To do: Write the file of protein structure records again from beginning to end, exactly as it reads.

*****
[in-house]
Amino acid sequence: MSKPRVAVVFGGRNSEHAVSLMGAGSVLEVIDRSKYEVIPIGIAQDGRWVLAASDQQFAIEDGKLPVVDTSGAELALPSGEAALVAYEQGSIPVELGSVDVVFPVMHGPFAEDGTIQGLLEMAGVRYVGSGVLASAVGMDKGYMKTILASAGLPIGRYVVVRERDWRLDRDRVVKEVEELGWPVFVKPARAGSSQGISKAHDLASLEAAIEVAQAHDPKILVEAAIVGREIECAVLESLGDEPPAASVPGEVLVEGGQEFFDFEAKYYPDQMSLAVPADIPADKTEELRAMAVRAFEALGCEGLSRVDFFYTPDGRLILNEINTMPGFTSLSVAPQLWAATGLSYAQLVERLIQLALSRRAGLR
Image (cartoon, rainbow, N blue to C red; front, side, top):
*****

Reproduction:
[in-house]
Amino acid sequence: MSKPRVAVVFGGRNSEHAVSLMGAGSVLEVIDRSKYEVIPIGIAQDGRWVLAASDQQFAIEDGKLPVVDTSGAELALPSGEAALVAYEQGSIPVELGSVDVVFPVMHGPFAEDGTIQGLLEMAGVRYVGSGVLASAVGMDKGYMKTILASAGLPIGRYVVVRERDWRLDRDRVVKEVEELGWPVFVKPARAGSSQGISKAHDLASLEAAIEVAQAHDPKILVEAAIVGREIECAVLESLGDEPPAASVPGEVLVEGGQEFFDFEAKYYPDQMSLAVPADIPADKTEELRAMAVRAFEALGCEGLSRVDFFYTPDGRLILNEINTMPGFTSLSVAPQLWAATGLSYAQLVERLIQLALSRRAGLR
Image (cartoon, rainbow, N blue to C red; front, side, top):